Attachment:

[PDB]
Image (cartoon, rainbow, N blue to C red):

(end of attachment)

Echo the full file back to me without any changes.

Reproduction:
[PDB]
Image (cartoon, rainbow, N blue to C red):